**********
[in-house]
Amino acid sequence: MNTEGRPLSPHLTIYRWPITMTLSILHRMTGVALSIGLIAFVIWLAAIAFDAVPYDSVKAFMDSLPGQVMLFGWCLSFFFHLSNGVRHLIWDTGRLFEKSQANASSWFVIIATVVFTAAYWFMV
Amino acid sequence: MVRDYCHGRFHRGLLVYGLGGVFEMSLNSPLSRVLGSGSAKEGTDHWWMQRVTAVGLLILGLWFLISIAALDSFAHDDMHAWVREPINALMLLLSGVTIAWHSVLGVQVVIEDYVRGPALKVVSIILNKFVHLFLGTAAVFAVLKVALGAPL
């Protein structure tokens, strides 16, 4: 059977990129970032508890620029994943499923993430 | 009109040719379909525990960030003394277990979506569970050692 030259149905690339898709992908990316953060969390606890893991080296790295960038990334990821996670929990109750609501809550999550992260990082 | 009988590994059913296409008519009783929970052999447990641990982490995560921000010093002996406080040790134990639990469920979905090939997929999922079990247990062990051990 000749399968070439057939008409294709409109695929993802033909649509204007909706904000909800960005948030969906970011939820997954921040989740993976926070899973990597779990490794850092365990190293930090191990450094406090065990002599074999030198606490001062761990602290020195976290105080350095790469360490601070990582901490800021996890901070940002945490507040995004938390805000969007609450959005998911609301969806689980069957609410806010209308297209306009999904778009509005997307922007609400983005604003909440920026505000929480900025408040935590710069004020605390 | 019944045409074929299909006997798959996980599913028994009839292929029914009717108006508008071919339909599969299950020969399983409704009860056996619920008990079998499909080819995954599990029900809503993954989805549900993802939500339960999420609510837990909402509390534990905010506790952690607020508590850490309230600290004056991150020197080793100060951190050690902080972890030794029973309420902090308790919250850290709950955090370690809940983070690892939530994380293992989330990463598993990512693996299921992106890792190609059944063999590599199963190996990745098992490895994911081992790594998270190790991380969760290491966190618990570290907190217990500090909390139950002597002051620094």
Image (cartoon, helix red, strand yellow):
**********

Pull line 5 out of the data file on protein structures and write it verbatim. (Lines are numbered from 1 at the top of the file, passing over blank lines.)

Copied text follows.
Image (cartoon, helix red, strand yellow):